The UK new variant of coronavirus that helped drive increased infections in December is thought to be more deadly, Boris Johnson has revealed.
The prime minister told a Downing Street briefing: “We’ve been informed today that, in addition to spreading more quickly, it also now appears that there is some evidence that the new variant, the variant that was first identified in London and the south-east, may be associated with a higher degree of mortality.”
Chief scientific adviser Sir Patrick Vallance revealed that with the original strain of Covid-19, roughly 10 out of every 1,000 men in their 60s who get infected would be expected to die.
With the new variant, this risk would rise to roughly 13 or 14 out of every 1,000.
Vallance however stressed that the data was “currently uncertain”, but conceded “obviously this is a concern”.
Both Johnson and Vallance stressed that current evidence suggests vaccines will work on the new variant, which transmits between 30 per cent to 70 per cent more easily.
The PM said: “All current evidence continues to show that both the vaccines we’re currently using remain effective both against the old variant and this new variant.”
Vallance said the Brazilian and South African coronavirus variants are of more concern than the UK strain because there are fears they may be less susceptible to vaccines.
Public Health England has estimated that 44 people in the UK have the South African variant, with a maximum estimate of 71 people being infected with it, he added.
The chief scientific adviser said: “We know less about how much more transmissible they are.
“We are more concerned that they have certain features that they might be less susceptible to vaccines.”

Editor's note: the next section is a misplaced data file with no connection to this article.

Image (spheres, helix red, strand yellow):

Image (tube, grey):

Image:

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Johnson defended the current restrictions, insisting they are “the right package of measures to deal with the new variant” and stressing public compliance with them is “the crucial thing”.
The PM also pointed to falling new case numbers as evidence the lockdown was adequate.
“There are signs that this is working but it’s going to need continued resolve and determination,” he said.
But he acknowledged: “It is an open question as to when and in what way you can start to relax any of the measures.
“It depends entirely on lots of different things – it depends on the vaccine rollout continuing to go well, it depends on there being no further discoveries about what new variants can do, it depends most of all on getting the overall incidence down from a level at which it can’t just tick off again in the way that we’ve seen it do before.”
Johnson also hinted that he wants this to be the final Covid lockdown.
He said: “The British public and British business would much rather we opened safely and cautiously when it was right to do so, rather than opening up again and then being forced to close back down simply because the virus takes off.”
England’s chief medical officer Chris Whitty also warned that although overall cases are falling, among certain groups such as 20 to 30 year-olds infections might be rising.
Cases are also “very high and very precarious” and if people let their guard down the NHS could be in “really deep trouble”, he added.